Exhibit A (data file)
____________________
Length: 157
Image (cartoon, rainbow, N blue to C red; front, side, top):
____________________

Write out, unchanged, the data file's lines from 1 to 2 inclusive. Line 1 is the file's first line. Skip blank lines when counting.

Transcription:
Length: 157
Image (cartoon, rainbow, N blue to C red; front, side, top):